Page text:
Thailand’s joint House and Senate session on Wednesday rejected Pita Limjaroenrat’s nomination for prime minister since a parliamentary rule prohibits it, according to Parliament President Wan Muhamad Noor Matha
At around 5.10 p.m., 715 lawmakers cast their votes electronically, and Mr. Wan then made the announcement. After a protracted discussion about the matter that began shortly after the meeting’s opening at 9.30am, the parliament president called for a vote.
In the combined session, 394 lawmakers, the majority of them unelected senators, voted against Mr. Pita’s renomination, 312 lawmakers supported it, eight lawmakers abstained, and one legislator did not cast a ballot.
Mr. Wan claimed that the rejection was by majority vote because 374 votes, or half of the total, were cast during the joint sitting. After Mr. Pita was relieved of his MP duties earlier in the day by the Constitutional Court, the figure was revised.
After the vote, Mr. Wan adjourned the meeting. He set the Pheu Thai Party’s likely candidate proposal for July 27 as the date for the next effort to select a premier. Srettha Thavisin, a businessman, is the most likely candidate, but the coalition’s makeup may change.
Many senators continue to view the progressive Move Forward Party’s inclusion in the eight-party coalition alongside Pheu Thai as a deal-breaker. The Pheu Thai candidate will not have a second chance if he or she does not win a majority.
A vote to prevent Mr. Pita’s renomination, he said on Tuesday, would create a dangerous precedent for the legislature.
Parliamentarians debated the admissibility of the renomination for hours before to the vote.
According to the motion’s detractors, parliamentary session regulation No. 49 forbade resubmitting a defeated motion to the parliament during the same parliamentary session. They claimed that since Mr. Pita’s candidature was turned down last week, there was no reason to submit it again.
Parliamentarians who supported Pita highlighted that the rule only applied to general resolutions and not to the selection of the prime minister. It was a nomination, not a motion, they claimed. Additionally, they stated that lawmakers should respect the decision that voters made in the general election on May 14.
Following the voting, a number of senators and members of parliament fled the building by boat from the back of the complex to stay away from the crowd of demonstrators assembled in front.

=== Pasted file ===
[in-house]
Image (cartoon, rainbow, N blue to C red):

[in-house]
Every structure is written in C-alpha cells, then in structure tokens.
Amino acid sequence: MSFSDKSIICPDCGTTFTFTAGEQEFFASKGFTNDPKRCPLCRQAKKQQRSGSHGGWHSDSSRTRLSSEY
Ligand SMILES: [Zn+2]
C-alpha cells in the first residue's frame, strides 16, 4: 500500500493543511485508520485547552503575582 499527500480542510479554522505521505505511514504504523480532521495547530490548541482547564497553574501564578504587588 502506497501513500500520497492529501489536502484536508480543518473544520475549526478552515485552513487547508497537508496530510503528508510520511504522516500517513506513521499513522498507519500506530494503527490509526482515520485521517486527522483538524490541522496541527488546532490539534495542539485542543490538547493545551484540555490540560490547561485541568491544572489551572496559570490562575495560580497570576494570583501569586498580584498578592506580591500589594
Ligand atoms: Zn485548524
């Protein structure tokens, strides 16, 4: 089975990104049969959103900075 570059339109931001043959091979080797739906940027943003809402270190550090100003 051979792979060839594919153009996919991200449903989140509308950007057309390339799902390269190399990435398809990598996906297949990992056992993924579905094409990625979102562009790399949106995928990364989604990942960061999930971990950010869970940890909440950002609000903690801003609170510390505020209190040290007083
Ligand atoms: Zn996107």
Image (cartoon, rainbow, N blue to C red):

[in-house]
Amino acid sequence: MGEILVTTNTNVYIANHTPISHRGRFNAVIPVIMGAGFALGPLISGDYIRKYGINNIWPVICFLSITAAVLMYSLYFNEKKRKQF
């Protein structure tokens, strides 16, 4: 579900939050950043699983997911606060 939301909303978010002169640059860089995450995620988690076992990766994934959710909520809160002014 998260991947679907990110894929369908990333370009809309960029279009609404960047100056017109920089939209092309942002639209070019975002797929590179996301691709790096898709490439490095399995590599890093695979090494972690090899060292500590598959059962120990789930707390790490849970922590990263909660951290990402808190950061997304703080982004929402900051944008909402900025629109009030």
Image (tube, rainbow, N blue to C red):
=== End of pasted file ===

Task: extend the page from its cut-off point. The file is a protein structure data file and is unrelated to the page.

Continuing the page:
With 151 House seats, Mr. Pita’s Move Forward Party won the election, which cost the tax payers 6 billion baht. He recently declared that if his campaign for prime minister failed, he would allow the Pheu Thai Party to do so.
The two parties that make up the present partnership are Pheu Thai, which obtained 141 seats in the House.
Thailand’s Constitutional Court Suspends Pita
Pita Limjaroenrat, the head of the Move Forward Party and a candidate for prime minister, was removed from his duties as an elected member of the House of Representatives by the Constitutional Court on Wednesday morning.
After learning of the court’s announcement, Mr. Pita started leaving the room where lawmakers were debating legal nuances pertaining to his renomination as prime minister.
Mr. Pita held out his MP card and waved to the lawmakers from his Move Forward Party.
But after MFP MP Wiroj Lakkhanaadisorn pointed out that he should hold off until he receives an official advising letter from the Constitutional Court, the speaker went back to his seat.
About 150 Pita supporters came up to the parliament gate and showed their displeasure outside. A few protesters hurled water bottles towards the fence. Inside the gate, queues of crowd control officers formed.
At 2:43 PM, Mr. Pita informed the legislature that he would be leaving the chamber due to the court’s suspension order. The parliament president commended him for abiding by the rules, and MPs applauded him.
“I’d like to take this opportunity to bid the president of the parliament farewell until we meet again,” Mr. Pita remarked. I want my colleagues lawmakers to use the legislature to look out for the needs of the populace. Thailand, in my opinion, has changed since May 14. Even if I haven’t done my duty, I implore my fellow members to work together to take care of the people because even if they’ve won half the battle, they still have to win the other half. I sincerely appreciate that, Mr. President.
After removing his MP identity card from his jacket and setting it on the table in front of his seat, he left the room.
To the applause of his fellow MPs, the 42-year-old raised his fist as he departed the assembly floor.
After taking a complaint involving Mr. Pita’s inherited shares in the now-defunct media business iTV Plc for consideration, the court made the announcement.
The constitution forbids lawmakers from owning shares in media companies. The 42,000 shares, according to Mr. Pita, were a part of his late father’s estate, which he oversaw in his capacity as executor. According to him, relatives now have the title.
The joint sitting was debating his nomination for prime minister on Wednesday, therefore the suspension has no bearing on that. Last week, the case made it to the Constitutional Court’s headquarters.
Due to his ownership of a media firm, the Election Commission had urged to the court that Mr. Pita have his MP designation revoked. Additionally, the election body asked the court to remove him from his MP duties until its decision.
The Constitutional Court said on Wednesday that all of its judges have concurred to accept the case.
By a vote of seven to two, it also decided to immediately suspend Mr. Pita from his MP duties until it issued a ruling due to potential legal concerns, objections, and conflicts that would impede the House’s and parliament’s work.
After receiving a copy of the decision, the court asked Mr. Pita to provide his justification within 15 days.